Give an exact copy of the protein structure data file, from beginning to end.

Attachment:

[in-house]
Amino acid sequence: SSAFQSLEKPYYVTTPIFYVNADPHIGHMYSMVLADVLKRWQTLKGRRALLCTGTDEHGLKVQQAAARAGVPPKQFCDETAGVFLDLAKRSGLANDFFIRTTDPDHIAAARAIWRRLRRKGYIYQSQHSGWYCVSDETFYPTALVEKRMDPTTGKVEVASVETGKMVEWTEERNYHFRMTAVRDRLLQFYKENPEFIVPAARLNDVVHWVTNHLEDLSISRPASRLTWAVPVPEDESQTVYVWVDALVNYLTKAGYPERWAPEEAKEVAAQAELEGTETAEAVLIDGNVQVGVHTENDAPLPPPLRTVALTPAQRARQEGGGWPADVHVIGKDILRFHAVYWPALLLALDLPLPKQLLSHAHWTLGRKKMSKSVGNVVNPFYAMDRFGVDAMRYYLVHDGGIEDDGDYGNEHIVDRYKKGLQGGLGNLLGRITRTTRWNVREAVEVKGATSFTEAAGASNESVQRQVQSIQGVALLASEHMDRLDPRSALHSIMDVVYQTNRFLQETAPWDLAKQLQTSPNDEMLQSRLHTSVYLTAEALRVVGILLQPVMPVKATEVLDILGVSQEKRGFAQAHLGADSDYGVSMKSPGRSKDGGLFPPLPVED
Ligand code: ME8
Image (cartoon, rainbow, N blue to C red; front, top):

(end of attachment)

[in-house]
Amino acid sequence: SSAFQSLEKPYYVTTPIFYVNADPHIGHMYSMVLADVLKRWQTLKGRRALLCTGTDEHGLKVQQAAARAGVPPKQFCDETAGVFLDLAKRSGLANDFFIRTTDPDHIAAARAIWRRLRRKGYIYQSQHSGWYCVSDETFYPTALVEKRMDPTTGKVEVASVETGKMVEWTEERNYHFRMTAVRDRLLQFYKENPEFIVPAARLNDVVHWVTNHLEDLSISRPASRLTWAVPVPEDESQTVYVWVDALVNYLTKAGYPERWAPEEAKEVAAQAELEGTETAEAVLIDGNVQVGVHTENDAPLPPPLRTVALTPAQRARQEGGGWPADVHVIGKDILRFHAVYWPALLLALDLPLPKQLLSHAHWTLGRKKMSKSVGNVVNPFYAMDRFGVDAMRYYLVHDGGIEDDGDYGNEHIVDRYKKGLQGGLGNLLGRITRTTRWNVREAVEVKGATSFTEAAGASNESVQRQVQSIQGVALLASEHMDRLDPRSALHSIMDVVYQTNRFLQETAPWDLAKQLQTSPNDEMLQSRLHTSVYLTAEALRVVGILLQPVMPVKATEVLDILGVSQEKRGFAQAHLGADSDYGVSMKSPGRSKDGGLFPPLPVED
Ligand code: ME8
Image (cartoon, rainbow, N blue to C red; front, top):